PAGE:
The best-kept secrets were never meant to be kept, they were meant to be spread organically by friends and loved ones. Discovering them is one of life’s great joys, and Yoga to the People is no exception. This Manhattan-based studio, with its location in Berkeley, California and Seattle Washington, encourages yogis to go beyond their physical practice by bonding with one another as a community.
Big cities can be isolating places, but the powerful moments we experience in them are what allow us to connect and make our lives there worthwhile. Finding the community center that is Yoga to the People is like finding an old friend, a familiar face in a sea of strangers, and a home away from home. The original New York City studio, nestled in the famously avant-garde Saint Mark’s Place, absorbs and defines the forward-thinking, liberal perspective of its East Village surroundings. Given those parameters, Berkeley, was an obvious choice for a sister studio.
Having had the privilege of practicing directly with many of today’s yoga pioneers, owner Greg Gumuchio was particularly inspired by the famously humble yoga guru Bryan Kest, whose highly successful model of donation-based yoga puts faith and business in the hands of the people. The hands of the people are powerful.
Having struggled and succeeded with many yoga ventures on the West Coast, Gumuchio understood that “the success of yoga as a business has studio owners everywhere making some tough choices”¦regarding money, yoga and the balance between the two.” Observing the success of Bryan Kest‘s studio in Santa Monica, he became convinced that donation-based yoga can work. “Not only did [Kest] inspire me as a teacher, but as a studio owner, I had to take a look at what he was doing,” said Gumuchio. After relocating to New York City, Gumuchio sought a yoga space that was ripe for such a community.
Through patience, persistence and what he refers to as “luck,” Yoga to the People was born. By its third month, the studio was fully sustained by the donations of its loyal yogis, providing everyone””regardless of financial situation””the opportunity to practice a yoga program of the highest quality. Whether they realize it or not, the members of this community are part of a larger movement where everyone truly does make a difference.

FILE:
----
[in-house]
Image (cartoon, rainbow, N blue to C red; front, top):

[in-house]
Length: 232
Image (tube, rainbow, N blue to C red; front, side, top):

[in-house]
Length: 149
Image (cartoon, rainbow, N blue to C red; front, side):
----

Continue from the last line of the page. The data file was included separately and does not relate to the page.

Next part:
While traditional, promotional advertising satisfies the average studio’s business plan, Yoga to the People’s donation-based model was a call to arms for yogis looking for a studio that offered more than just yoga classes. In just two years, word-of-mouth advertising has resulted in an unprecedented, class-after-class, at-capacity turnout and has necessitated the addition of two overflow studios in New York and the West Coast studio. A recent class announcement for a teacher training Q&A session resulted in eighty-eight attendees alone. This level of excitement is a sign that Yoga to the People clearly bridges a gap in the modern yoga program.
Classes are taught at the same level and in the Power Vinyasa Flow method, linking breath and continuous movement and allowing first-time yogis to connect with even the most advanced. Yoga to the People encourages its family members to exercise the most fundamental rule of science: Energy is never lost; it is only transferred. The seamlessness of this free-flowing practice lends itself to the studio’s vibrant neighborhood surroundings, inspiring its yogis to be both students and inspirational teachers to themselves and those around them. There is no teacher schedule, no choosing favorites, and no selective experience. For the yogi on the go, sixty-minute classes are available for download at yogatotheople.com.
Given its phenomenal response and positive message, Yoga to the People is poised for rapid expansion. When the Berkeley studio opened this past January, they were welcomed with an overwhelming community response. One of its enthusiasts shares, “I live in San Francisco and commute about an hour each way to get to this class””it’s that worth it!”
Along with the basic classes, Sunday evening candle-lit sessions and beginning “shadow yoga,” which focuses on bandhas (regulators of energy) and proper ujjayi breathing, make for exciting options. Gumuchio understands the powerful momentum his community has on the yoga practice as a whole and hopes to share the experience with as many people as possible. He notes, “I would like to see donation-based yoga in every community that can support it and corporately sponsored, subsidized yoga in communities”¦which may have a more difficult time supporting it.”
Yoga to the People is an invitation to everyone, reminding us that the yoga experience is about uniting and uplifting the mind, body and spirit. To quote one of their weekly poems: “It doesn’t interest me who you are and how you came to be here. I want to know if you will stand in the center of the fire with me and not shrink back.”